A Yale University study undercut the Republican Party’s claim that the $600-per-week unemployment boost made it difficult for businesses to bring back workers.
Senate Republicans and the White House have repeatedly noted the federal boost has resulted in benefits higher than previous salaries, which is true, but they’ve baselessly argued that this has made it difficult to bring back workers as they seek to drastically slash the benefit to around $200 per week.
"I mean, we're paying people not to work. It's better than their salaries would get," White House economic adviser Larry Kudlow claimed last month.
“In some cases people are overpaid, and we want to make sure there's the right incentives [to get back to work],” Treasury Secretary Steven Mnuchin said on Sunday. “In certain cases where we're paying people more to stay home than to work.”
Yale study disputes claim:
A study by Yale researchers found that the enhanced benefits "neither encouraged layoffs during the pandemic's onset nor deterred people from returning to work once businesses began reopening."
"Workers facing larger expansions in unemployment insurance benefits have returned to their previous jobs over time at similar rates as others," the researchers wrote. "We find no evidence that more generous benefits disincentivize work either at the onset of the expansion or as firms looked to return to business over time. In future research, it will be important to assess whether the same results hold when states move to reopen."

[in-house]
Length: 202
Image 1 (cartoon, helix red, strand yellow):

Chicago Fed agrees:
The Federal Reserve Bank of Chicago found a similar trend.
"Those currently collecting benefits search more than twice as intensely as those who have exhausted their benefits," their study said.
Ernie Tedeschi, a former Treasury economist, also disputed the claim.
“The bottom line was that I found no evidence of any effect on labor market flows from more generous UI in May and June, controlling for other demographic factors,” he said of his analysis.